________________ CM . . . . Volume XXIII Number 39. . . .June 16, 2017

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Volcano Trash. (A Double+ Adventure).

Ben Sears.
Toronto, ON: Koyama Press, 2017.
96 pp., trade pbk., $12.00.
ISBN 978-1-927668-42-9.

Grades 3-6 / Ages 8-11.

Review by Todd Kyle.

½ / 4

   

 

In this graphic novel, young treasure hunter Plus Man and his shapeshifting-robot sidekick Hank break into the desert lair of the Labyrinth in order to retrieve a digital card requested by their unnamed patron. Narrowly escaping, they discover that the card contains information about official corruption in Bolt City, so they destroy it. Their next job is to steal tablets from a temple complex where they are caught by police and imprisoned. Hank saves Plus Man, a minor, by taking blame for all their misdeeds. Plus Man is released but feels depressed and guilty, so he teams up with their sometime collaborator Basil, persuades the Labyrinth to help them, then breaks into the prison with the aid of the Labyrinth “triplets”—a mute being who can transform into three. With the help of a disgruntled police veteran, they free Hank and are met by the Special Investigations Force to expose the corruption. They then ponder an offer of a job to investigate the “wasteland” outside the city.

      With no context and nothing in the way of explanatory background, the plot of this story is almost impossible to understand. The opening sequence, in which two Bolt City policemen are putting up Wanted posters for Plus Man and Hank, begins the cloudy confusion with vague references to a series of crime gangs that are never again mentioned. Even the main character (Plus Man) is not referred to by name until almost halfway through. The “corruption” theme is so sloppily presented that the reader will wonder if the author even understood the meaning of the word (the digital card has the words “people with dirty cash” on it, if that is any help). The plot goes from inanity to inanity: during the temple heist, Hank is incensed to learn that Plus Man has not applied for a “permit” (for theft?). Every character and plot twist seems random and arbitrary, and not in an intentional, Dadaist manner, instead seeming just sloppy.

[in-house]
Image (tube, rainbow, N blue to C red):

Volcano Trash is a graphic novel, and it is the illustrations that carry more appeal than the text. There is some creativity in the setting—technological and Stone Age at the same time—and in the impossible vehicles and machines that Hank turns into. There is action, too: escapes, break-ins, vehicle chases. The color palette is interesting, tending towards muted browns, oranges, and pale blue. The visual jokes are few and far between—the best example being the “Have a Nice Day” inscription on the duo’s projectiles—but by and large, the illustrations again tend towards the random and de-contextualized. The structures depicted, as well as Hank, himself, have a repeated motif of a square nut, which seems to be related to the name Bolt City, yet in an inexplicable way. Finally, there is no reason at all given for the title of the book, which seems unrelated to any of the action or illustrations.

      The overall impression one gets from reading Volcano Trash is that it was fun to write, but that there was no editorial process to channel that fun into something readable. Instead, it reads like the clandestine doodles of a 10-year-old cartoon fan.

Not Recommended.

Todd Kyle is the CEO of the Newmarket Public Library in Ontario and Past-President of the Ontario Library Association.

To comment on this title or this review, send mail to cm@umanitoba.ca.

Copyright © the Manitoba Library Association. Reproduction for personal use is permitted only if this copyright notice is maintained. Any other reproduction is prohibited without permission.
Published by
The Manitoba Library Association
ISSN 1201-9364
Hosted by the University of Manitoba.
 

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